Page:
No Later than August 1, 2015, the new “Loan Estimate” and “Closing Disclosure” closing cost forms are coming to a lender near you.
As prescribed by Dodd-Frank and implemented by the Consumer Financial Protection Bureau (CFPB), mortgage seekers will find new (and hopefully less confusing) mortgage disclosures when they obtain a new mortgage. As of August 1, 2015, all lenders will need to have their systems in order to present the new Loan Estimate form when you "apply" for a mortgage. This new disclosure will combine and replace the Good Faith Estimate (GFE) of Closing Costs and the initial Truth-in-Lending (TIL) documents, and must be presented to a borrower when an "application" has been placed.
The definition of an "application" has changed a little, too. A lender will be required to issue you a Loan Estimate form as soon as the they have collected your name, income, social security number (to obtain a credit report), property address, estimated value of the home and the amount of the mortgage you want. For the purposes of providing you a disclosure, this is considered to be an "application" under the new rules.
When the mortgage is getting ready to close, the lender will provide you with a final Closing Disclosure form, which will replace the old HUD-1 Settlement Statement and the final TIL disclosure. This new form will be presented to you earlier, too -- you must have it to review three business days before the loan is to close.
The new Loan Estimate and Closing Disclosure documents will be coded so the consumer will be able to better match line items of fees quoted upfront versus those actually charged at the end of the process. Overall, it's hoped that the new forms will result in less confusion, but a cynic might say that this has generally been the goal for all previous revisions and updates, too.
Here’s an advance look at the new closing costs forms.
No. 4: Credit standards should ease
There were plenty of news stories, especially towards the end of 2014, about lenders getting ready to ease credit requirements for potential mortgage borrowers. The reason is that the FHFA finally provided greater clarity for lenders of the conditions of which they would be required to re-purchase a failed loan (aka "buybacks").
The actual details of the FHFA’s change are thick and incomprehensible to most humans, but the end result is that lenders are less likely to be penalized for minor and curable deficiencies in the loan file.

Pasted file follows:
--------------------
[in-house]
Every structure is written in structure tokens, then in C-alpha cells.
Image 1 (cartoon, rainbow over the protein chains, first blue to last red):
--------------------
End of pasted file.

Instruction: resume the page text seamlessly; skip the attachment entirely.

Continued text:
The net result is the lenders will be less afraid to write more mortgages for those at the lower end of the credit scale; coupled with improving housing market and economic conditions (which make defaults less likely, too), overlays are starting to be lowered or removed. With lenders evaluating their stances as we go, this is a process which should persist all year long.
Opening the credit box to a greater degree is likely to occur in other ways, too. Pressure is building to see reductions in risk-based pricing factors employed by Fannie and Freddie, including items such as the quarter-percentage point "Adverse Market" fee which has been in place since the early days of the crisis, reductions in so-called Guarantee Fees (costs incorporated into the rate of a mortgage sold to Fannie or Freddie) and even changes to the mortgage insurance costs for the FHA program (see below).
All in all, access to mortgage credit should improve throughout the year, and may become less costly, too.
No. 5: FHA: Back in black
In the early days of the mortgage crisis, many, many risky borrowers were refinanced into the FHA program (remember the “FHA Secure Program”?). With an insurance pool of already higher-risk borrowers and unable to defend itself from accepting new risky borrowers at a time when “private” lenders stopped making such loans, the FHA accumulated too many loans that failed, wiping out the reserve position required by FHA's charter. The FHA did respond by ratcheting up mortgage insurance by about 125 percent over a few years' time, and even made mortgage insurance non-cancelable, but the damage was done. Undercapitalized, the FHA turned to Congress for backing in 2013 for the first time in its history and continued insuring new loans.